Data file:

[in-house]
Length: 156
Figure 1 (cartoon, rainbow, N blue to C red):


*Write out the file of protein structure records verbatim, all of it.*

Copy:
[in-house]
Length: 156
Figure 1 (cartoon, rainbow, N blue to C red):